Battle of the Girls who ATTACK

We’ve talked before about how, in singles tennis, shots that you can execute at less than 80% are essentially useless – you’ll lose too many points from missing those shots for whatever small offensive advantage you’d gain to be worthwhile.

In this vein, when you watch the 2021 US Open final between Leylah Fernandez and Emma Raducanu today, watch for this important question:

Who can transition from neutral to offense using high percentage shots?

When Leylah Fernandez beat Aryna Sabalenka in the semi-finals, both players were extremely good at this, which is why the match was so close.

Aryna, with her massive forehand, was able to routinely transition out of neutral and into offense without missing. If she’d executed better, who knows, she might have pulled it off.

Here’s what’ll go into it today.

Can Leylah Change Direction?

Leylah’s game relies on taking the ball early and frequently changing its direction, eventually wrong-footing her opponent without the need to attempt a low percentage shot.

Against Angie Kerber and Elina Svitolina, this worked wonderfully. Against Aryna… not quite as much. Leylah could rarely get to net because Aryna hit the ball so hard and so deep that changing the direction of the ball was really, really difficult, and the result was that Leylah had to aim to bigger targets in order to not miss, and only wrong footed Aryna a few times.

Luckily for Leylah, her offense was just barely good enough that Aryna had to be slightly more aggressive than she was capable of. When Aryna would take her foot off the gas even a little, in an effort to make slightly less errors, Leylah was there, taking the ball early and getting ahead in the points.

Let’s see if Emma can do the same thing. Can she keep the ball deep enough, or far enough from Leylah, that Leylah can’t consistently change direction and get to offense (or even hit winners) without having to be super aggressive?

How Many Swinging Volleys Does Leylah Hit?

If Leylah’s hitting swinging volleys, it means she’s getting Emma off balance and sprinting to net. Against Aryna, again, this rarely happened. Against Angie and Elina, it happened all the time.

Emma can defend against the swinging volley in one of two ways. First, she can do what Aryna did – keep the ball deep enough and hit hard enough that Leylah can’t easily get her into a defensive position.

But there’s a second way I think Emma could beat this, and that’s by hitting better defensive shots than her previous counterparts were able to.

Emma’s movement and forehand technique are top notch, specifically when she finishes over her head. She has a loose wrist and an extremely explosive core, which are both necessary for generating racket head speed out of compromised positions.

She might be able to hit higher quality defensive shots when on the run than her previous opponents, forcing Leylah to play the ball at net while stretched out wide, or at her shoelaces, or well over her head, instead of comfortably at her shoulders.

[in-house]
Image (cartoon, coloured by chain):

Can Emma Force Leylah to Double Fault?

Emma’s forehand return is awesome. One of the beautiful things about developing such a fault tolerant, fundamentally sound forehand like Emma has is that you can easily change the length of the swing. When Emma returns aggressively, she doesn’t take a huge swing. Instead, she moves her body weight forward, and performs a quick, compact turn with her hips and abs, often following through by running to net.

Against Aryna, Leylah went for some pretty big first and second serves at times, in order to get herself out of trouble.

Will Emma be able to force her to do the same? Emma likes to run around slow second serves and crack them on the forehand. It’s possible that Leylah won’t be able to consistently keep the point neutral with her second serve.

Can Emma Get to Offense First?

For all of Leylah’s previous opponents, if they wanted to get to offense first, they had to miss a lot to do it. With Emma, that might not be the case.

Emma actually plays quite similarly to Leylah – she stands close to the baseline, takes the ball early, and comes to net to finish her points. This means that Emma plays high percentage offense. Her willingness to finish at net means that she doesn’t need to go for as much on the first ball to grab the advantage.

There’s often a dance in these kinds of matches – how good does my approach shot have to be? First you might start super high percentage, and then get passed a lot. Next you crank it up a bit, and now you’re not getting passed anymore, but you’re missing too many approach shots.

Since both of these girls play great, fundamentally sound offense, both will be playing this game. Since both have extremely fault tolerant groundstrokes, I expect both will pass well out of most situations, but only time will tell how the dance unfolds.

The Future of the WTA

This match, the 2021 US Open final between two exciting teenagers, represents the future of the WTA. Two girls with well developed, modern, fault tolerant strokes, who both stand in close, take the ball early, play high percentage offense, and finish their points at net.

As sad as it is, we all know the era of the big 3 in men’s tennis can’t last forever, but with electric players like Leylah Fernandez and Leylah Raducanu dominating the women’s tour, maybe the girls can step in and fill some of that eventual hole in our hearts.

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